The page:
For me the logic of your argument is based on assumptions…

1: that were’re using a mouse to input…
2: that the mouse has more than one button.

point 2 is interesting as Jay notes: old school one button mac mouse…
The mac had the first commercially successful gui… and for years dominated graphics and desktop publishing… it’s not surprising that “exotic” multi button mice are not the norm for primary input… historical legacy is a powerful thing and people fight change.

as for point 1: personally I can’t use a mouse for more than about a minute without extreme pain in my wrist…

So I use a graphics tablet… which I can use all day everyday with no discomfort… or a trackball… which has only two buttons, but less comfortable to use button2… the trouble with graphics tablets though is that left click is perfect, right and middle mouse much much less so…

MOI makes a big sales feature that it is designed to work primarily on a graphic tablet making it extremely left click centric…

The current trend is towards touch based interfaces… we’re all getting comfortable with the two fingered rotate and zoom gestures on our phones/touchscreens/whatever… Once learned it’s arguable that that will provide a much much better interface than the three button mouse… we’ll see I guess…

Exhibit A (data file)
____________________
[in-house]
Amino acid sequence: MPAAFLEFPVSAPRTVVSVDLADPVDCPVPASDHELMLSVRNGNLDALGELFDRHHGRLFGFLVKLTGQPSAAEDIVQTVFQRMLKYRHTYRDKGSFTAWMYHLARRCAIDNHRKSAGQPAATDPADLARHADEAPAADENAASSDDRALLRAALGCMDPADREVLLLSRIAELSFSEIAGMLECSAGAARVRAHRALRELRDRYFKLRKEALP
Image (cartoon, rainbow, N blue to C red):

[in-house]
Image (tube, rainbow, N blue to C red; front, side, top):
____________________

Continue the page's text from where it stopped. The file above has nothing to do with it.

As a tablet user, I also agree with Mike- altho the pen buttons also lead to some discomfort

I like rmb select because I feel it’s more precise, I guess is the word. Honestly, depending on what I’m doing in Blender, mouse or tablet can be the best tool.

@Michael W: I understand completely the points that you make. I have an old Wacom Graphire 3 that I use in tandem with the mouse. I find it great that I can set left-click to the pen tip and right-click to the button that rests naturally under my thumb when holding the pen. The thumb button selects stuff and then I am free to use the pen-touch to manipulate my selection, although in a tablet-only workflow I can see the possible benefits from doing everything with the pen tip.

As to historical legacy… This hits precisely on the point that I’m trying to make about the Microsoft-established way. Legacy is good, legacy is great, but is legacy really the best way to move forwards? Your comments about touch-based interfaces ring true with respect to the challenges of legacy. The potential is certainly large. However, I can cope with wiping greasy finger marks off my small phone screen every 10 minutes and I’ll replace my scratched phone every year, but do I really want to wipe down my monitor every few minutes or replace my monitor every year? Also, I really like being able to move my mouse pointer the whole way across the screen by moving my hand 2 inches (~50mm) whilst resting my elbow on a support, and would resent having to wave my arms in front of me for hours to move things about on a screen.

Personally, I think that many technologies are over-hyped and I believe that touch-screens are one of them. The potential is huge for people who rarely use technology and for small-scale applications but, for those who make regular use of computer interfaces, waving arms about all day to move things about on a screen will imo never compare to moving a mouse (or a stylus on a tablet) by a couple of inches.

Your comments are very well presented and encourage further thought. :slight_smile:

Edit:
@(jay): I took my time writing this post so missed yours unitl after I posted. I agree that certain tasks favour certain tools. :wink: